I figured I may as well post these two updates together, rather than waiting for the day to be over to announce I’ve reached 50k when I reached it pretty early on today. It took me a week to hit it. I had two days where I wrote over 10,000 words and one or two 9k days. I had one day where I was a little slack and only wrote about 2k, which had actually been my original target before I realized I could write more.
My secret to hitting 50k in a week boils down to not having to work or go to school, preparing a detailed outline well in advance and getting my butt in the chair to write in the first place. I did get fatigued at about the 25k mark and had to struggle for a bit, but I pushed through, knowing the block had nothing to do with what was happening in the story at the time and everything to do with my own stamina. I pulled out an 11k day yesterday despite my fatigue. NaNoWriMo has been an experiment in how much stamina and drive I really have. I have more than I thought I did.
So anyway, I’ll post a celebratory excerpt from each day.
We filed out of the gates and down the pebbled path. Caleb had his arm out behind me as if ready to catch me if I slipped. I didn’t need it. I’d been a pro at walking in heels across any surface when I was a human. With my magically enhanced body, I was even better now.
The sky above us was turning purple. I had to remind myself to watch where I was going, rather than just stare at it.
“Twilight is really cool here,” said Elizabeth. “Just you wait until the pink and orange comes out.” And as she spoke, tendrils of pink and orange slowly bled into the clouds.
“Wicked,” I whispered.
“One night there was this bloody red streak,” said Caleb. “It collided with a green one and all hell broke those. There was this silent explosion in the sky and fragments of every color you could imagine rolled through the clouds.”
“It was amazing,” Elizabeth added. It sounded amazing.
Throughout our walk, I kept glancing up at the sky, hoping for a collision. Nothing as spectacular as what Caleb described happened, but the orange and pink and purple braided themselves together across the sky, like Rapunzel if she suddenly decided to rebel against the family who had put her in that tower.
By the time we reached Alis, the braid had begun to unravel.
We kept going the next day through pasture after pasture until we reached a gigantic grey stone bridge, big enough for at leave five of our carriages to travel side by side. I could hear water crashing beneath.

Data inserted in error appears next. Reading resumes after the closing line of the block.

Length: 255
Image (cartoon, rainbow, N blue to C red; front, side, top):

“We’ve reached what we call, jokingly, the River Styx,” Alistair said. “Nobody who has gone down there has ever come back. Our two continents are held in some kind of abyss, as explorers discovered when they reached the edges of the land. Our land is most definitely flat, unlike the human world. The river simply drops off at the edges. We believe the water flows in a waterfall into the abyss for eternity, but we don’t know that for certain. Nor do we know where the river water comes from.”
“Can we see it?” I asked.
“Not today. We have no spare time.”
So we just crossed the bridge through the centre. I could feel the rumble of the river in every bone in my body. It must have been immense. Elizabeth was reading, clearly unimpressed for she’d taken this trip many times before. Caleb and I were in awe, releasing the occasional nervous laugh. It felt like the bridge could collapse at any moment and send us plummeting into the unknown. Logically, we both knew the stone bridge was pretty damn tough, but that didn’t stop us from entertaining the thought.
We crossed the bridge safely. As the carriage pulled away from the river, the tremors lessened until they were gone entirely. Caleb and I looked at each other and laughed again.
I am nowhere near finishing this novel, so I’ve upped my November goal to 75k, which will allow me to work at a saner pace and take into account the exams I have coming up in a few days. Going into NaNo, I wasn’t sure if I’d struggle to hit 50k or not, since I can write a lot when I’m focused but tend to write infrequently at best. This has taken away so many excuses I have not to write and has made the entire task of writing a novel much less daunting. I highly recommend NaNoWriMo to writers wanting to improve their speed, but if you edit as you go you might be better off aiming for a lower count, because getting the words down will take much longer for you.
I’m going to close this post, which is now over 800 words long, and get to studying for my exams. Maybe I’ll sneak in a little writing during my breaks.